Watsa's decision to resign from the board indicates that the Toronto-based businessman may be involved in some local attempt to rescue the company, Red Sky's Huen said. Such a move would face less scrutiny than a foreign bid. The Canadian government automatically reviews all foreign takeovers of companies with asset values of more than $334 million to determine whether the transactions are a "net benefit" to the country.

"There's a desire with folks like Prem Watsa and CPP to get involved and keep the thing together," Huen said. "It's a bit of a Canadian champion from a technology standpoint and there's going to be a desire to keep it together."

Paul Rivett, president of Fairfax, said he and Watsa declined to comment. Canadian Industry Minister James Moore also declined to comment on BlackBerry's announcement.

Speculation about possible foreign bidders has focused on Lenovo Group, the Chinese maker of personal computers, which is looking to expand its mobile-devices business. Lenovo Chief Financial Officer Wong Wai Ming told Bloomberg News in January that his company was looking at "all opportunities," including BlackBerry. Brion Tingler, a Lenovo spokesman, said today the company has no comment.

Needham's Wolf said he's skeptical that a strategic acquirer will emerge from within the technology industry. Potential buyers have had plenty of time to make a move, and the diminished prospects of the new Z10 and Q10 phones only makes a deal less likely, he said.

Microsoft Corp., BlackBerry's rival in the smartphone-software market, isn't a probable buyer because of its partnership with mobile-phone maker Nokia, Wolf said.

If there were some indication BlackBerry's new phones were gaining traction, "a buyer out of the PC or smartphone industry might emerge," he said. "But you got to believe that's not the case as yet."

BlackBerry fired 5,000 workers last year as part of a plan to eliminate $1 billion in operating costs. Analysts had expected the cutbacks to help the company post a profit last quarter. Instead, BlackBerry lost $84 million, dragged down by the sluggish sales of the BlackBerry Z10. The new touch-screen phone, introduced at a lavish event in New York in January, missed estimates by almost a million units last quarter. The company is projecting another loss for the current period.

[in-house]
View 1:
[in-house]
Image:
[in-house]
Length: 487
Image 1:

"It could be a buyer from industry but it's more likely to be one from outside the industry and it would seem that the valuable assets are the patents and the NOC," said Wolf, referring to the secure network operating center, which the company operates for its clients.

Last month, Heins reiterated that the company was seeking partners to expand the footprint of its BlackBerry 10 operating system and help with its turnaround. After pioneering the smartphone market, the company has struggled to compete with Apple and Samsung Electronics in recent years, dragging its market share down below 3 percent.

"We will do our homework and assess what we think is best for the company and then we will have discussions and they will either yield partnerships, alliances or not," Heins told shareholders in July at BlackBerry's annual meeting in Waterloo.

Skadden, Arps, Slate, Meagher & Flom and Torys will provide legal counsel as the board considers its options, according to Monday's statement.

While BlackBerry has a good lineup of products, its latest smartphones were released too late to compete with the iPhone and devices running Google's Android operating system, said Needham's Wolf. That's turned its recovery plan into an uphill battle, he said.

"The 'reinvention,' if you will, has been a dramatic disappointment," he said.